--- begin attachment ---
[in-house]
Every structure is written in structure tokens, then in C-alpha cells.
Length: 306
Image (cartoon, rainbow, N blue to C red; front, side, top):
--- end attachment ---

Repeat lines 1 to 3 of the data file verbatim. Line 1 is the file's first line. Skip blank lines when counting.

[in-house]
Every structure is written in structure tokens, then in C-alpha cells.
Length: 306